Absolutely, just tap into the robust community, don’t hesitate. Let’s say people know that they want to be writers and to work on chatbots. That should not limit them from joining the voice community, where a lot of those conversations are happening and driving lots of really interesting conversations about conversation design, about the voice community and chatbots. 

In addition, there are some great book recommendations too. Something that really leveled up my writing, was the guide to microcopy by Kinneret Yifrah. That’s what I always recommend first off to anybody. Because it’s just such a fun book and everything makes sense. Actually she even references Wix in there too. I love that book.

Also, realize that this space is still young. Conversation designer is not confined to one set of skills. It’s many skills and all into one. Then, if you don’t have all of the skills, you can learn it, you can be taught. So it’s going to depend on the company that you end up planning upon, what they need you for. You might have one set of skills, your co-worker might have another one, you fit together and that’s a team. Dive right in, tap into the community, know that there’s a lot of different places that you can fit there.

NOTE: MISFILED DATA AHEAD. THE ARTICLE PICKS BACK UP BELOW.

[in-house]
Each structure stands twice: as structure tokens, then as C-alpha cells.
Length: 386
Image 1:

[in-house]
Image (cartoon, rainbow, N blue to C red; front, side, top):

Give us one forecast for the future of conversational AI and chatbots, in your opinion.

Here, I’m tapping back into voice. I think voice is definitely the future of this realm. Once we can just speak to our systems, it’s going to be such a game changer. At this point, most voice applications are still recreational. I think more resources should be put into it now, because it can be so lucrative, a really profitable space. Once the systems level up and we start putting more resources so they can level up faster, it’s going to be very good for everybody involved. 

Then, there’s another thing. I have this feeling the current system that NLP kind of just jumped when we figured out some models. I think it’s going to be that similar type of exponential growth. We’re going to figure out a new system like we don’t have any current solutions. We can’t just make a better thing with the tools we have right now. That’s gonna close that gap. I think there’s going to be a major breakthrough hopefully soon. And that is going to be what’s going to bring us the jump.